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Abortion Surveillance: Preliminary Data -- United States, 1990

For 1990, CDC received data on legal induced abortions from 52 reporting areas: 50 states, New York City, and the District of Columbia. This report presents preliminary data for 1990.

In 1990, 1,429,577 legal abortions were reported to CDC (Table 1), an increase of 2.4% over the number reported for 1989 (1). However, because the number of live births increased by 3.4%, the national abortion ratio declined from 346 legal abortions per 1000 live births in 1989 to 344 per 1000 in 1990. The national abortion rate (the number of legal abortions per 1000 women aged 15-44 years) remained stable at 24. As in previous years, approximately 92% of women who had a legal abortion were residents of the state in which the procedure was performed.

Women who obtained legal abortions in 1990 were predominately aged less than 25 years, white, and unmarried. In 1990, a slightly lower proportion of women who had abortions had had live-born children than was reported for women obtaining abortions in 1989 (49.2% versus 52.2%). Curettage (suction and sharp) remained the primary abortion procedure (approximately 99% of all such procedures). As in previous years, more than half of legal abortions were performed during the first 8 weeks of gestation, and approximately 88% during the first 12 weeks.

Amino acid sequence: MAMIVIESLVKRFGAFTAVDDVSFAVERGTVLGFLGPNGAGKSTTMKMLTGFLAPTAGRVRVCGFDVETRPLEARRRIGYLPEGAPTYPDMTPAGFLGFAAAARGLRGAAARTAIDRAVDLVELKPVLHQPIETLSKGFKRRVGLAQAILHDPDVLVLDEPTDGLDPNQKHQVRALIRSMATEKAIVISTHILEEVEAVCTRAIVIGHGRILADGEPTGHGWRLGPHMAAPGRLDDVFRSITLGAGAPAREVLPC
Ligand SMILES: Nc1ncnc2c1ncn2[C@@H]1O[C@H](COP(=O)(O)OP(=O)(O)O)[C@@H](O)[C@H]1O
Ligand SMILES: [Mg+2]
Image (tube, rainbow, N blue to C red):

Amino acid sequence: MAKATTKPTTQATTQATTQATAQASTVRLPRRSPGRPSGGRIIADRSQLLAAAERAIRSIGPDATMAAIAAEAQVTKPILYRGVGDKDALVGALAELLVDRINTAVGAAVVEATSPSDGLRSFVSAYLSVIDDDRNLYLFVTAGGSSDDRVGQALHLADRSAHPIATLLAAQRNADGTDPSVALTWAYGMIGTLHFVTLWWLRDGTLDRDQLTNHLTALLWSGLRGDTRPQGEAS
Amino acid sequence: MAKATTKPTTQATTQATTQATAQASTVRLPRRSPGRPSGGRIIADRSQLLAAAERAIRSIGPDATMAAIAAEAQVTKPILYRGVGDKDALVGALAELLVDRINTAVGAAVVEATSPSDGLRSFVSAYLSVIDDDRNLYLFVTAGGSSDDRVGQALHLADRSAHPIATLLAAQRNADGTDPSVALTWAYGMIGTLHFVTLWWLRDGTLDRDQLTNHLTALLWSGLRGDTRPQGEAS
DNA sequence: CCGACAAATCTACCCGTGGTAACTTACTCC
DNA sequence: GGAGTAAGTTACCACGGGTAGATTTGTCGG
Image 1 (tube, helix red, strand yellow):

Reported by: Statistics and Computer Resources Br, Div of Reproductive Health, National Center for Chronic Disease Prevention and Health Promotion, CDC.

Editorial Note

Editorial Note: For 1990, the number of abortions was available for all reporting areas. Approximately 28% of the abortions, however, were reported from states that do not have centralized reporting; these areas could provide no information on the characteristics of women obtaining abortions. The states that report such information vary from year to year; therefore, direct comparisons of annual data should be made with caution.

The patterns characterizing the use of abortion in the United States have remained relatively stable since 1980. Although the number of abortions performed in 1990 was approximately 10% greater than in 1980, the number of live births increased by approximately 16% during the same period (2). In 1990, the national ratio of abortions to live births was lower than for any year since 1977, suggesting that a larger proportion of pregnancies ended in live births (3). The national abortion rate has fluctuated little since 1980, while the national fertility rate (live births per 1000 women of reproductive age) in 1990 was the highest since 1972 (4) (Figure 1).


  1. Koonin LM, Smith JC, Ramick M, Lawson HW. Abortion surveillance- -United States, 1989. In: CDC surveillance summaries (September 4). MMWR 1992;41(no. SS-5):1-33.

  2. NCHS. Annual summary of births, marriages, divorces, and deaths: United States, 1990. Hyattsville, Maryland: US Department of Health and Human Services, Public Health Service, CDC, 1991. (Monthly vital statistics report; vol 39, no. 13).

  3. CDC. Abortion surveillance, 1977. Atlanta: US Department of Health and Human Services, Public Health Service, 1979.

  4. NCHS. Advance report of final natality statistics, 1989. Hyattsville, Maryland: US Department of Health and Human Services, Public Health Service, CDC, 1991. (Monthly vital statistics report; vol 40, no. 8, suppl).

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